Punjab is situated in the North West of India and it is bordered by Pakistan on the West, the Indian States of Jammu and Kashmir on the North, Himachal on its Northeast and Haryana and Rajasthan to its South. The State is spread over an area of 50,362 square kilometers (Punjab occupies 1.54% of the country’s total geographical area). The Capital of Punjab is Chandigarh. The State has a total population of 277 lakh as per Census 2011 out of which male population is 146 lakh whereas the female population is 131 lakh. There are 12581 villages and 143 towns (2011 Census). The Administrative Structure of the state consists of 4 Divisions, 22 Districts and 142 Blocks.
In the Northern and Central districts of the state, potable water is available in shallow / deep aquifers but shallow aquifers are not suitable for drinking due to the possibility of contamination by the discharge of untreated industrial / polluted waste water. In the Southern Districts of the state, the underground water is unsafe for drinking. The high concentration level of fluorides contributes to a high incidence of fluorosis in these areas. Drinking water in the southern districts is only available from the existing irrigation canals of the Indus River System. Since the supply of canal water is not assured all the 365 days a year, therefore water storage is necessary to achieve the regular water supply. In addition, the irrigation canal water carries high turbidity that necessitates pretreatment for filtration. Reverse Osmosis/ Defluoridation Plants are also being installed to ensure availability of potable water for drinking and cooking purposes in the villages where:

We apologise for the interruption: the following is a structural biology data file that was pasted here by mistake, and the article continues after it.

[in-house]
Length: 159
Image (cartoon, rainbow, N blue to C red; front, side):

i. Existing canal based water works are located at the tail end of canal network, resulting in shortage of raw water for many days in a year.
ii. Tube-well based sources contains:
a) TDS/ Floride etc. more than the desirable limit.
b) Uranium/ others heavy metals also more than permissible limits.
The existing water supply schemes are designed to provide 70 liters per capita per day potable water for prospective population of 15 years. The rural population depends on ground water/canal water to satisfy its need of drinking water for human and live stock consumption.
A habitation which fulfills the following criteria may be categorized as a Not Covered (NC) / No Safe Source (NSS) habitation:
The drinking water source/point does not exist within 1.6 km of the habitations in plains or 100 meter elevation in hilly areas. The source/ point may either be public or private in nature. However, habitations drawings drinking water from a private source may be deemed as covered only when the water is safe, available in adequate quantity and, is accessible to all.
Habitations which have water sources but are affected with quality problems such as excess salinity, iron, fluoride, arsenic or other toxic elements or biologically contaminated.
Habitation where the quantum of availability of safe water from any source is not enough to meet drinking & cooking needs.
Hence, in case of quality affected habitations, even if they are fully covered as per the earlier norms it would be considered as a NSS habitation if it does not provide safe water, at least for the purpose of drinking and cooking.
Habitation which have a safe drinking water source/point (either private or public) within 1.6km in plains and 100 meter in hill areas but the capacity of the system ranges between 10 lpcd to 40 lpcd, the habitation could be categorised as “Partially Covered (PC)”. These habitations whould, however, be considered as “Safe Source (SS)” habitations, subject to the water quality parameters.
All the remaining habitations may be categorised as “Fully Covered (FC)”.